Episode Title: 'Of Mouse and Man'
Writer: Alan DiFiore & Dan E. Fesman
Director: Omar Madha
Nick (David Giuntoli) and Hank (Russell Hornsby) investigate the murder of Louis Drake, a man with a violent past, found dead in the back of a garbage truck. They learn that Drake and his girlfriend, Natalie (Amanda Walsh) had an argument the night he was killed. According to Drake's landlord, neighbors Marty Burgess and Mason Snyder came to her rescue.
The detectives head over to Marty's junk shop, where they question him about the murder. There, Nick witnesses Marty (Fred Koehler) transform into a rodent-like creature.
When Juliette (Bitsie Tulloch) arrives home, she spots a man and a woman watching her from afar in a pick-up truck. She manages to write down the license plate before the truck speeds away. Meanwhile, Hank and Marty visit lawyer, Mason Synder (Doug Brooks), who claims he had nothing to do with Drake's murder. Nick sees Synder transform into a snake-like creature before his eyes.
Nick stops by Monroe's to ask about the creatures. Their talk is soon interrupted when Monroe gets a call for work. Elsewhere, a belligerent auto mechanic is killed with a tire iron.
When Monroe goes to the location to fix the clock tower, he's attacked and knocked unconscious. Meanwhile, Marty stops by Natalie's apartment. She tells him she's moving and Mason soon appears, carrying one of her boxes. Outside the apartment, Mason tells Marty that Natalie is his. Elsewhere, Monroe wakes up outside the clock tower and finds a scythe painted on the hood of his car, in blood.
Nick and Hank visit Marty's apartment where they find his father dead. Marty visits Mason and tells him to leave Natalie alone. Mason threatens Marty, who kills him with a statuette. Marty then meets Natalie, who's waiting for Mason and takes her to dinner.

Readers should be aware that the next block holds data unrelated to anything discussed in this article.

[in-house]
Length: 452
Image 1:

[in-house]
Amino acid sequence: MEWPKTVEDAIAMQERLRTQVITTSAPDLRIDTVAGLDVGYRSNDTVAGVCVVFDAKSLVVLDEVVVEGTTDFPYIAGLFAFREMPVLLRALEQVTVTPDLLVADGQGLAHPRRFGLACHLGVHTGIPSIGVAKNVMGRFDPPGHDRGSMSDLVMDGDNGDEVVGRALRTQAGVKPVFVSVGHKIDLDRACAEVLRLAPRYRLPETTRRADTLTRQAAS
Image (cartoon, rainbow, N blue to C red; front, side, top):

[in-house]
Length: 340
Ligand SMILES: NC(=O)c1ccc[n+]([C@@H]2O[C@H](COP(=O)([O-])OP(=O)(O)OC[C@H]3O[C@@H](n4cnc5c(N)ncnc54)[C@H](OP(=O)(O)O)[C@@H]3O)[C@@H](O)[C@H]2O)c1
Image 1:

At the restaurant, Marty intervenes when a father loudly berates his son at a nearby table. Marty confronts the man and then punches him. He and Natalie leave the restaurant in Mason's car, which Marty claims to have purchased from the lawyer. He races over to his shop, as Natalie begs him to slow down. Nick and Hank soon arrive. Nick catches Marty and tells him his father is dead. However, Marty says his father isn't dead, in fact, he sees his father's face everywhere.
At home, Juliette tells Nick she stopped by home of the couple who were parked outside their house. She tells Nick that once the woman recognized her, she rushed inside the home with her children. Later, Nick stops by Monroe's, where he learns of the attack. He tells Monroe he won't ask for his help anymore, but Monroe says he wants to keep working with Nick, despite the reapers' warning.
This week, we were introduced to the mouse-like Mauzhert and snake-ish Lausenschlange in the supernatural zoo that is "Grimm." And it turns out the snake is a lawyer and the mouse is a pack rat. Go figure.
"Grimm" is a vastly improved show from its pilot episode. However, while the "Grimm-verse" continues to expand, our main man, Nick Burkhardt remains dramatically stunted.
As he and Hank (who's still somehow ignorant to all the weird cases they keep picking up) encounter more and more of Oregon's supernatural criminal element, Monroe is the only character showing any real growth or change. At first reluctant to get involved with a Grimm, he's since learned to find a balance between his Blutbad and human side, while working with Nick.
Meanwhile, Nick remains mostly unfazed, despite watching seemingly average people transform into rodents, lizards, pigs, etc. There's way more intrigue surrounding Monroe and his journey as a Blutbad working with a Grimm than in Nick learning to deal with his new found abilities. Other than Juliette inching closer to learning the truth about Nick, there isn't much about his character to draw us in.
As for Hank, it's getting harder and harder to believe he isn't sensing something odd about the cases he and Nick work. In this episode, the first victim appeared to age rapidly after Marty killed him. Perhaps that's something only Nick can see, yet if we're to believe Hank is a competent detective, something's gotta give, soon.
Despite its shortcomings, "Grimm" is still turning out to be one of the fall's better offerings. "Of Mice and Man" turned up the heat on both Nick and Monroe, which has me interested to see what's next. For Monroe, at least.
Crave Online Rating: 7 out of 10.